With that thought, Isobel made a solemn oath to herself not to mention Maryland again. After tomorrow, after Christmas, she would need to cut her losses and start figuring out a way to get there on her own.

A twisty sensation, like a python unwinding from a branch, unfurled through her gut. The thought of traveling to such a huge city alone sent a jolt of panic through her. Not to mention the fact that she would have to steal from her parents in order to afford a plane ticket or even bus fare. And then there was the added problem that she’d have to sneak out, and lie. Again.

But Baltimore was her last hope. Her only hope. There, in a cemetery, during the early morning hours of January 19, Edgar Allan Poe’s birthday, a man could be observed every year visiting the poet’s grave. A man in a cloak and a hat. A man who hid his face behind a white scarf.

A coward, Isobel thought, her hands tightening into fists around the shopping bag handles.

Known the world over as the “Poe Toaster,” he had been appearing at Poe’s grave for decades. Materializing out of nowhere, he would place three red roses there and then vanish.

Only a single photograph of him existed. Taken sometime back in the nineties for Life magazine, the scratchy black-and-white print showed a night-vision image, pixelated and indefinite.

Either luck or fate had caused the photo to fall into Isobel’s hands.

After grading her and Varen’s paper and project on Poe, Isobel’s English teacher, Mr. Swanson, had handed back the assignment with an article detailing the Poe Toaster’s rite. Also included in the article had been the infamous image.

A shock had run through Isobel the moment she had set eyes on it. She could not have mistaken the kneeling man in the photograph. It was the same man who had once appeared to her in her dreams, calling himself “Reynolds.” The same man who had warned her from the beginning, who had fought by her side and had even saved her life.

In the very end, though, he had lied to her.

Isobel felt a stab of bitter coldness at the memory of how he had betrayed her, cruelly playing her own hope against her.


Before she discovered that he’d tricked her into thinking that, like her, Varen had returned safely to the real world, Reynolds had promised Isobel that the two of them would never meet again. But Isobel knew he would never count on her discovering his identity as the Poe Toaster.

Why would he, when he’d never counted on her doing anything but blindly playing along with his own plans?

Her resolve deepening, Isobel headed for the kitchen door and shouldered her way in, her dad following close behind.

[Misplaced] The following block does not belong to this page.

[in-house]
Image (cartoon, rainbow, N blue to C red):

As she crossed the threshold, the aroma of baked turkey and mashed potatoes rushed her, the rich scent accompanied by a wave of warmth.

Her mom stood at the stove dressed in worn dark-wash jeans and an oversize gray sweatshirt. Stirring a saucepan of gravy with one hand, she held open a thin paperback novel in the other. Isobel recognized the book as one of the trashy thrillers she liked to read between her brick-thick classics.

Her mom turned her head when she heard the door, though it took a second longer for her eyes to part from the page. At last she lowered the book, flashing Isobel one of her distracted “I’m still somewhere else” smiles.

“Back already?” she asked. “That was quick for a Christmas Eve venture to the mall.”

Isobel pulled off her white knit hat. A loud growl rumbled through her stomach, even though she didn’t feel the gnawing hunger it implied.

She set the bags down and peeled off her gloves. Shedding her coat, she hung it on one of the hooks behind the door.

From the living room, she could hear the familiar sound of video-game music punctuated by the slashing twang of swords and the anguished cries of fallen undead. Danny, she thought. Still in front of the TV. Always in front of the TV.

Isobel’s mom laid her book aside, open and facedown on the countertop to hold her place. “I started dinner late because I thought you two would be gone at least another half hour,” she said.

“You know me,” Isobel’s dad chimed in, shutting the door. He shed his coat and hung it next to Isobel’s. “Quick and simple. That’s the way we roll, right, Izzy?”

Isobel shot him an incredulous stare. Had he really just said “roll”?

Snatching up the bags again, Isobel headed for the archway that led out into the hall but stopped when she felt two sets of eyes boring into her back. She glanced over her shoulder to find her suspicions confirmed.

“What?” she asked.

On the stove, the saucepan of gravy started to burble and slurp. Her mom, as though snapping from a trance, turned away and switched off the burner.

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